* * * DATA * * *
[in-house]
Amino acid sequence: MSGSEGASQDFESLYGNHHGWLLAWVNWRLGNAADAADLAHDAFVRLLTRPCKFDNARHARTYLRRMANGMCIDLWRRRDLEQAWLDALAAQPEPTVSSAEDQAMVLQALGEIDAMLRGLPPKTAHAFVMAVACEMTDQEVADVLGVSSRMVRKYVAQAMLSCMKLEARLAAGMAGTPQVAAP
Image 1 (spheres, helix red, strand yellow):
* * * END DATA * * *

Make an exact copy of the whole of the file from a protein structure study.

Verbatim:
[in-house]
Amino acid sequence: MSGSEGASQDFESLYGNHHGWLLAWVNWRLGNAADAADLAHDAFVRLLTRPCKFDNARHARTYLRRMANGMCIDLWRRRDLEQAWLDALAAQPEPTVSSAEDQAMVLQALGEIDAMLRGLPPKTAHAFVMAVACEMTDQEVADVLGVSSRMVRKYVAQAMLSCMKLEARLAAGMAGTPQVAAP
Image 1 (spheres, helix red, strand yellow):